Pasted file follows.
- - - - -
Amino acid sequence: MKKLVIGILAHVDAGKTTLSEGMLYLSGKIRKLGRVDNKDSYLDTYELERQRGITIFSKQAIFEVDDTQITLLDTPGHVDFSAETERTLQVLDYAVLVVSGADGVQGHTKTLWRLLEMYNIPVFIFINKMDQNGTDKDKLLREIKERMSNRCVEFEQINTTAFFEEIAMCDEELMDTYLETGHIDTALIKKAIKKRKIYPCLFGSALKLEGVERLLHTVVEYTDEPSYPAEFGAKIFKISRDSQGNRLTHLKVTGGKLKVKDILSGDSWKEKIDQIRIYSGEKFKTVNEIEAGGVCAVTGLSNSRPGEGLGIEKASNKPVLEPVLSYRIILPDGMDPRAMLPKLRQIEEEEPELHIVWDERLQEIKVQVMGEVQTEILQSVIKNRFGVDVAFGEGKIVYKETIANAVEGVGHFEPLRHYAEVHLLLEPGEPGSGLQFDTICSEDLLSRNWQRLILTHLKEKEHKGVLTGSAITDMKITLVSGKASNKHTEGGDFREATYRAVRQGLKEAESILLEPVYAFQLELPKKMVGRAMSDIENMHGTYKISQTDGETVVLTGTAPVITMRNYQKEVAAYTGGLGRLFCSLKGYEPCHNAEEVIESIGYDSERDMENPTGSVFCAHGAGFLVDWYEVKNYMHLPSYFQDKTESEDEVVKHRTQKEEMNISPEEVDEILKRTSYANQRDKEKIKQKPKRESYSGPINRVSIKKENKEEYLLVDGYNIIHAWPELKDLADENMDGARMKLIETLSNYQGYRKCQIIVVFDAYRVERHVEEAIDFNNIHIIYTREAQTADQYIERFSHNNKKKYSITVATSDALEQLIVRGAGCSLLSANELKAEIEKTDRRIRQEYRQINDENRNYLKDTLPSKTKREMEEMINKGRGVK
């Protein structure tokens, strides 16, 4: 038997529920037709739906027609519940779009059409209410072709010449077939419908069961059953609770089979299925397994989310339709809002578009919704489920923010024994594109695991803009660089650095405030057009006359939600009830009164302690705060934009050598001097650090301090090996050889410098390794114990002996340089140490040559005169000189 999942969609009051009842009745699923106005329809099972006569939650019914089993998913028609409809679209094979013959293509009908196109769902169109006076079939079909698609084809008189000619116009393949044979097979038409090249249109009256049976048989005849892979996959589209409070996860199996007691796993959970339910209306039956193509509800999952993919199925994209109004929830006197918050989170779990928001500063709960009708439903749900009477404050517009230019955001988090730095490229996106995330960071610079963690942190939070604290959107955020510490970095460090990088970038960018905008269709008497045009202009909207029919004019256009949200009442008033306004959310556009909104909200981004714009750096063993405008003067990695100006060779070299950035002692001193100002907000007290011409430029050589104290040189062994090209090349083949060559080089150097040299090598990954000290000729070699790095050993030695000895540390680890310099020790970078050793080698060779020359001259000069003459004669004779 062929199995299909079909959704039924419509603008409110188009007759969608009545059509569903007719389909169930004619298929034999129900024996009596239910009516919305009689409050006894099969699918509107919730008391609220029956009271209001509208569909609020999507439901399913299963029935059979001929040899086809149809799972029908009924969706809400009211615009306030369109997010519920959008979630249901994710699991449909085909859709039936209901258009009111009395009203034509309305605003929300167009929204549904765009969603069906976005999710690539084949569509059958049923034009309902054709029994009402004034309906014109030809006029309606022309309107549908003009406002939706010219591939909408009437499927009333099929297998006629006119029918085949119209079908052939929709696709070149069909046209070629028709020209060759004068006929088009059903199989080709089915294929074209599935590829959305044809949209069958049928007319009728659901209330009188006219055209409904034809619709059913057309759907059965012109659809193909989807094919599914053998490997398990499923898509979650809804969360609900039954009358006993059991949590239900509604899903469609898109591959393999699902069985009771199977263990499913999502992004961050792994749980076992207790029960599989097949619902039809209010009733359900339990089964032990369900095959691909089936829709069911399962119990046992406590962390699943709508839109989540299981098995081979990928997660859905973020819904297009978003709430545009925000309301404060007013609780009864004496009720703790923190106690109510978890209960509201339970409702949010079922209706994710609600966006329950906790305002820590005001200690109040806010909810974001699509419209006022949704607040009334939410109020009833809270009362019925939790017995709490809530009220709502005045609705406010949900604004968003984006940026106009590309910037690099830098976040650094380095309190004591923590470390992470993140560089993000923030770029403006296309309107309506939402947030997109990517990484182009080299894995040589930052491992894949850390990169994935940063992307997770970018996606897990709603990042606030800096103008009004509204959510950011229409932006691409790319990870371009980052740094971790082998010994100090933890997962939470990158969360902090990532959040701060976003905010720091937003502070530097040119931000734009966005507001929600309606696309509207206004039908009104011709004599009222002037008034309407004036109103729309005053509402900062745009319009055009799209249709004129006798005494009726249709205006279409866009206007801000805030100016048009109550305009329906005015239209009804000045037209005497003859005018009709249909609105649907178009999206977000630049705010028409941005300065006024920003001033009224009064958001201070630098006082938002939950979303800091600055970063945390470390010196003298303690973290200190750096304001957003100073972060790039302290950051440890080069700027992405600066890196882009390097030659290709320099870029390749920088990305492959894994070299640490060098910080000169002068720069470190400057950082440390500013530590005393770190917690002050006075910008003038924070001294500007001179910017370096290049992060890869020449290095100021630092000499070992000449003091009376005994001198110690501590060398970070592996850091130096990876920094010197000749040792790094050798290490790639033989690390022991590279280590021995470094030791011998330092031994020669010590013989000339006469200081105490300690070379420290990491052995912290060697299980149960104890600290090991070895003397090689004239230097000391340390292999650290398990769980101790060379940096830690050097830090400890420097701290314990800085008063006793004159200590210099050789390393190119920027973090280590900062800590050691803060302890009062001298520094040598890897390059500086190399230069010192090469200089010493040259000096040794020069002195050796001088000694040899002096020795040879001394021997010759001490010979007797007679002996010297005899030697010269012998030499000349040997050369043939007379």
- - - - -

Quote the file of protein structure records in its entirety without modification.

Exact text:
Amino acid sequence: MKKLVIGILAHVDAGKTTLSEGMLYLSGKIRKLGRVDNKDSYLDTYELERQRGITIFSKQAIFEVDDTQITLLDTPGHVDFSAETERTLQVLDYAVLVVSGADGVQGHTKTLWRLLEMYNIPVFIFINKMDQNGTDKDKLLREIKERMSNRCVEFEQINTTAFFEEIAMCDEELMDTYLETGHIDTALIKKAIKKRKIYPCLFGSALKLEGVERLLHTVVEYTDEPSYPAEFGAKIFKISRDSQGNRLTHLKVTGGKLKVKDILSGDSWKEKIDQIRIYSGEKFKTVNEIEAGGVCAVTGLSNSRPGEGLGIEKASNKPVLEPVLSYRIILPDGMDPRAMLPKLRQIEEEEPELHIVWDERLQEIKVQVMGEVQTEILQSVIKNRFGVDVAFGEGKIVYKETIANAVEGVGHFEPLRHYAEVHLLLEPGEPGSGLQFDTICSEDLLSRNWQRLILTHLKEKEHKGVLTGSAITDMKITLVSGKASNKHTEGGDFREATYRAVRQGLKEAESILLEPVYAFQLELPKKMVGRAMSDIENMHGTYKISQTDGETVVLTGTAPVITMRNYQKEVAAYTGGLGRLFCSLKGYEPCHNAEEVIESIGYDSERDMENPTGSVFCAHGAGFLVDWYEVKNYMHLPSYFQDKTESEDEVVKHRTQKEEMNISPEEVDEILKRTSYANQRDKEKIKQKPKRESYSGPINRVSIKKENKEEYLLVDGYNIIHAWPELKDLADENMDGARMKLIETLSNYQGYRKCQIIVVFDAYRVERHVEEAIDFNNIHIIYTREAQTADQYIERFSHNNKKKYSITVATSDALEQLIVRGAGCSLLSANELKAEIEKTDRRIRQEYRQINDENRNYLKDTLPSKTKREMEEMINKGRGVK
């Protein structure tokens, strides 16, 4: 038997529920037709739906027609519940779009059409209410072709010449077939419908069961059953609770089979299925397994989310339709809002578009919704489920923010024994594109695991803009660089650095405030057009006359939600009830009164302690705060934009050598001097650090301090090996050889410098390794114990002996340089140490040559005169000189 999942969609009051009842009745699923106005329809099972006569939650019914089993998913028609409809679209094979013959293509009908196109769902169109006076079939079909698609084809008189000619116009393949044979097979038409090249249109009256049976048989005849892979996959589209409070996860199996007691796993959970339910209306039956193509509800999952993919199925994209109004929830006197918050989170779990928001500063709960009708439903749900009477404050517009230019955001988090730095490229996106995330960071610079963690942190939070604290959107955020510490970095460090990088970038960018905008269709008497045009202009909207029919004019256009949200009442008033306004959310556009909104909200981004714009750096063993405008003067990695100006060779070299950035002692001193100002907000007290011409430029050589104290040189062994090209090349083949060559080089150097040299090598990954000290000729070699790095050993030695000895540390680890310099020790970078050793080698060779020359001259000069003459004669004779 062929199995299909079909959704039924419509603008409110188009007759969608009545059509569903007719389909169930004619298929034999129900024996009596239910009516919305009689409050006894099969699918509107919730008391609220029956009271209001509208569909609020999507439901399913299963029935059979001929040899086809149809799972029908009924969706809400009211615009306030369109997010519920959008979630249901994710699991449909085909859709039936209901258009009111009395009203034509309305605003929300167009929204549904765009969603069906976005999710690539084949569509059958049923034009309902054709029994009402004034309906014109030809006029309606022309309107549908003009406002939706010219591939909408009437499927009333099929297998006629006119029918085949119209079908052939929709696709070149069909046209070629028709020209060759004068006929088009059903199989080709089915294929074209599935590829959305044809949209069958049928007319009728659901209330009188006219055209409904034809619709059913057309759907059965012109659809193909989807094919599914053998490997398990499923898509979650809804969360609900039954009358006993059991949590239900509604899903469609898109591959393999699902069985009771199977263990499913999502992004961050792994749980076992207790029960599989097949619902039809209010009733359900339990089964032990369900095959691909089936829709069911399962119990046992406590962390699943709508839109989540299981098995081979990928997660859905973020819904297009978003709430545009925000309301404060007013609780009864004496009720703790923190106690109510978890209960509201339970409702949010079922209706994710609600966006329950906790305002820590005001200690109040806010909810974001699509419209006022949704607040009334939410109020009833809270009362019925939790017995709490809530009220709502005045609705406010949900604004968003984006940026106009590309910037690099830098976040650094380095309190004591923590470390992470993140560089993000923030770029403006296309309107309506939402947030997109990517990484182009080299894995040589930052491992894949850390990169994935940063992307997770970018996606897990709603990042606030800096103008009004509204959510950011229409932006691409790319990870371009980052740094971790082998010994100090933890997962939470990158969360902090990532959040701060976003905010720091937003502070530097040119931000734009966005507001929600309606696309509207206004039908009104011709004599009222002037008034309407004036109103729309005053509402900062745009319009055009799209249709004129006798005494009726249709205006279409866009206007801000805030100016048009109550305009329906005015239209009804000045037209005497003859005018009709249909609105649907178009999206977000630049705010028409941005300065006024920003001033009224009064958001201070630098006082938002939950979303800091600055970063945390470390010196003298303690973290200190750096304001957003100073972060790039302290950051440890080069700027992405600066890196882009390097030659290709320099870029390749920088990305492959894994070299640490060098910080000169002068720069470190400057950082440390500013530590005393770190917690002050006075910008003038924070001294500007001179910017370096290049992060890869020449290095100021630092000499070992000449003091009376005994001198110690501590060398970070592996850091130096990876920094010197000749040792790094050798290490790639033989690390022991590279280590021995470094030791011998330092031994020669010590013989000339006469200081105490300690070379420290990491052995912290060697299980149960104890600290090991070895003397090689004239230097000391340390292999650290398990769980101790060379940096830690050097830090400890420097701290314990800085008063006793004159200590210099050789390393190119920027973090280590900062800590050691803060302890009062001298520094040598890897390059500086190399230069010192090469200089010493040259000096040794020069002195050796001088000694040899002096020795040879001394021997010759001490010979007797007679002996010297005899030697010269012998030499000349040997050369043939007379």